This whole process is for the purpose of learning. We don’t learn the Bible to bash others; we learn it to know God. Don’t fear the process. Don’t fear being wrong. The best part about being wrong is it moves you toward being right. Keep reading the Word. There is so much there. Trust me, we don’t know it all.

Your Pastor Is Not Infallible: A Confession

I was reading a theological book earlier this week and was inspired to come up with a great point. It wasn’t a point the author made, it was a point that my mind made based on what the author said.

It was genius. Brilliant. One of my better thoughts.

I developed it into a Bible study to teach and wrote it up in a blog post. Genius stuff.

So, Thursday night came, the time when I teach my Bible study. I was on a roll. I was excited. A great point, one I’d never seen before. Oh, it was good. Can’t wait to drop this nugget of genius on some folks and see their faces light up with my illumination of God’s Word.

I set it up perfectly, I was anticipating the delivery of The Point, I read the verse The Point came from and asked my leading question setting up The Point beautifully.

Although I never yelled the word “Omaha,” you could sense the touchdown pass coming.

I asked my leading question. It was met with silence. I repeated the question with glee, assuming my genius had sunk in and they were in awe.

Then came a tentative answer. Unfortunately, it was a tentative answer that was the opposite of The Point. But I paused, “Oh wait,” I thought, “I think he’s right.”

My face flushed. Someone turned the heat up in the room right then too, I think. Soon the group was nodding their heads in agreement with the tentative answer that refuted The Point. “Yeah, I agree with what he said,” they all chimed in.

Bummer. I blew it. My whole Bible study was based on a hyper-excited reading of a passage that I wanted to make my point. The very passage I based The Point on, refuted The Point.

How embarrassing. How humiliating. Pastor’s aren’t supposed to get stuff wrong. What do I do for the remaining half hour which has suddenly been freed up?

I apologized.”This explains why I’ve never seen this point before,” I said.

I deleted the blog post. I crawled into a hole in the ground and repented in dust and ashes before the Lord.

Hey, you can’t win em all.

Just another reminder: Don’t take people’s word for it; Look It Up!

How You Treat Others is How God Views You

The Bible has several verses telling us that our relationship with God is best observed by our relationship with people.

However, it even seems to go deeper than this. Your relationships with others determines God’s relationship with you.

I know this is a horrible thing to say, what with grace and everything, but alas, I didn’t say it, God who taught us grace, said it!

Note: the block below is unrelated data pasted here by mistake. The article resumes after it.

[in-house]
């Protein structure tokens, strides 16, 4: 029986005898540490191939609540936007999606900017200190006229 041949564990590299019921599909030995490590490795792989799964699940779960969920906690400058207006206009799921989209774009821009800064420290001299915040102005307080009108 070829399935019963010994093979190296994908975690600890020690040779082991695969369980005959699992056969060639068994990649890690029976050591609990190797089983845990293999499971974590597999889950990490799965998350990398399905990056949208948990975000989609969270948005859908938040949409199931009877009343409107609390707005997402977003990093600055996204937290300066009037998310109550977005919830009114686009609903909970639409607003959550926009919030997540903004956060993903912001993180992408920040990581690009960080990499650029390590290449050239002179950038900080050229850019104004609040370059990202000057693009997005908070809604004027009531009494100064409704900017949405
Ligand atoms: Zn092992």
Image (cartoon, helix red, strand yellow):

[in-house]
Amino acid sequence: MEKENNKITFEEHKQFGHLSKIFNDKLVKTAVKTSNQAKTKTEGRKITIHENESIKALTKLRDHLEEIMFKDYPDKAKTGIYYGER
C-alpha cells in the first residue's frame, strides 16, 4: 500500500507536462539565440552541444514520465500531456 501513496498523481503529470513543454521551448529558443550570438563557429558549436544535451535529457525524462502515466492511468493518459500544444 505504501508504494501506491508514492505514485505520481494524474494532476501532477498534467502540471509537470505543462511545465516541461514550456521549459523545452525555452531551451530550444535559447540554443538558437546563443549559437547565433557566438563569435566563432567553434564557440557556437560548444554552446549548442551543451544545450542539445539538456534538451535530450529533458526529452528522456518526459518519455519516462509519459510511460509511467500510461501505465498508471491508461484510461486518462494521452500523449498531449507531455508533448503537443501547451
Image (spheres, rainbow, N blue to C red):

Here are a couple examples:

forgive us our debts, as we forgive our debtors.

Inasmuch as ye have done it unto one of the least of these my brethren, ye have done it unto me.

husbands, dwell with them according to knowledge, giving honour unto the wife, as unto the weaker vessel, and as being heirs together of the grace of life; that your prayers be not hindered.

Blessed are the merciful: for they shall obtain mercy.

Now the works of the flesh are manifest, which are these; Adultery, fornication, uncleanness, lasciviousness. . . hatred, variance, emulations, wrath, strife, seditions, heresies, Envyings, murders . . . and such like: of the which I tell you before, as I have also told you in time past, that they which do such things shall not inherit the kingdom of God.

But if any provide not for his own, and specially for those of his own house, he hath denied the faith, and is worse than an infidel.

But whoso hath this world’s good, and seeth his brother have need, and shutteth up his bowels of compassion from him, how dwelleth the love of God in him?

It is much easier to assume that our relations with others has no impact on our faith, prayers, or whether we are saved or not. What is difficult is to deal with these startling truths.

What we do matters. Maybe not to you so much, but they sure seem to matter to God.

Love is the fulfilling of the Law. The Law is all the words that come out of the mouth of God. God is love. When we say we have faith in God, the Bible says that means we hear God’s Word. We do what God says, and God says what He is.

It’s all wrapped up in love.

If we do not love each other, it is impossible to prove in any real way that you love God.

He that loveth not knoweth not God; for God is love.

How you treat others is a big deal when it comes to faith. Let it be a big deal in your faith.

And, just to clarify, you don’t get saved by being nice to people. You get saved by faith. By faith you are crucified, buried, and raised up with Christ to newness of life. New life in Christ fulfills the law–it loves people, as Christ loved you and gave Himself for you. If there is no evidence of that new life, there should be no assurance that you are saved.